DeSantis on keeping business and schools open despite ‘opposition by corporate media’
Florida Gov. Ron DeSantis discusses the Sunshine State keeping businesses and schools open despite pushback from ‘corporate media.’
Former President Trump easily topped the field in the GOP presidential nomination straw poll at the Conservative Political Action Conference (CPAC), but another big winner at the nation’s largest annual gathering of conservative activists and leaders was Florida Gov. Ron DeSantis.
Trump, as expected, easily won the straw poll of CPAC attendees, with 55% support in the hypothetical 2024 Republican primary matchup. DeSantis, who finished in second place with 21% support, was the only other Republican to reach double digits.
“Twenty-one percent is a pretty impressive number when you’re up against President Trump,” Fox News contributor and veteran GOP consultant Karl Rove noted.
DeSantis, a first-term governor and Trump ally who’s become very popular among conservatives nationwide the past year for his resistance to lockdowns and COVID restrictions amid the coronavirus pandemic, easily topped a second straw poll that didn’t include Trump. DeSantis finished with 43% support in the hypothetical nomination showdown, with another strong Trump supporter, South Dakota Gov. Kristi Noem, finishing second at 11%. Everyone else named in the straw poll finished in single digits.
CPAC was held in Orlando, Florida, in DeSantis’ home state. Rove, the mastermind behind both of President George W. Bush’s presidential election victories, pointed to the home field element, saying, “There is an advantage to him [DeSantis] in that this was held in Florida.”
But he also emphasized that part of DeSantis’ strong showing was being “a successful conservative governor of a purple state.”
DeSantis, who narrowly won the governorship in 2018 and who’s up for re-election next year, is considered a potential 2024 White House hopeful. In his CPAC speech on Friday, he pledged never to allow the return of “the failed Republican establishment of yesteryear.”
His straw poll results appear to be resonating in presidential primary and caucus early voting states.
“New Hampshire Republicans are going to start tuning into everything that Gov. DeSantis says or does, because the number from that convention was a surprise and certainly bodes well for him,” New Hampshire Institute of Politics executive director Neil Levesque, a former Republican congressional aide and adviser, told Fox News.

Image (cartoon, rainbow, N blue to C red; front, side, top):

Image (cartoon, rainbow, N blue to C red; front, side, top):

DeSantis “has proven that conservative principles and ideas work well,” Helen Aguirre Ferre, the executive director of the Republican Party of Florida, told Fox News. She said that Florida is a model to follow and the CPAC straw poll reflects support for Governor DeSantis’ “bold leadership.”
“Many CPAC attendees congratulated Governor DeSantis and said they wished that he were the governor of their state which makes sense because he showed that saving lives during a pandemic can be accomplished while protecting freedom and civil liberties,” she said.
The CPAC straw poll also seemed to cement Noem’s status as a rising star of the right. She was one of the standout speakers during the four-day confab, espousing a pro-Trump message and highlighting her anti-lockdown and anti-mask policies amid the pandemic, which have enthralled conservatives.
Noem took to Twitter on Sunday, after Trump’s address. “Trump delivered a powerful message at @cpac. He has always put America and the American people first. I’m proud to call him my friend. Well done Mr. President!”
Following his speech, Trump touted his showing in the CPAC secret ballot straw poll. Asked during an interview on Fox News’ “The Next Revolution with Steve Hilton” on Sunday night on the chances he’ll run again for the White House in 2024, the former president said “If you look at the kind of numbers, the support is tremendous. But we’ll have to see.”
Ninety-seven percent of those voting in the straw poll said they approved of the job Trump had done as president and 95% said they wanted the Republican Party to continue to advance Trump’s agenda. That’s no surprise, given that CPAC has turned into a Trump lovefest over the past five years. But only 68% said they wanted the former president to run again in 2024, and his support dropped to 55% in the 2024 horserace question.
Rove argued that Trump’s “hold over the party is diminished and receding whether he acknowledges it or not.”
“Part of it is Jan. 6,” Rove added, as he pointed to the attack on the deadly attack on the Capitol by right-wing extremists and other Trump supporters. While a tiny minority of the GOP, 10 House Republicans, voted to impeach Trump on a charge of inciting the insurrection and 7 GOP senators voted to convict the former president.
The CPAC straw polls may not be the best barometer of things to come.
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Then-former Massachusetts Gov. Mitt Romney won the straw poll in 2007 and 2008 but ended up losing the 2008 GOP nomination to Sen. John McCain of Arizona. And Sen. Rand Paul of Kentucky won the 2013-2015 straw polls leading up to the 2016 Republican presidential nomination race. But Paul ended up dropping his White House bid after a poor showing in the 2016 Iowa caucuses, the lead off contest in the nominating calendar.
Sen. Ted Cruz of Texas won the 2016 straw poll, with 40% support. Trump, who pulled out of the event hours before his speech, came in third at 15%. Of course, Trump went on to win the GOP nomination, and eventually the presidency.
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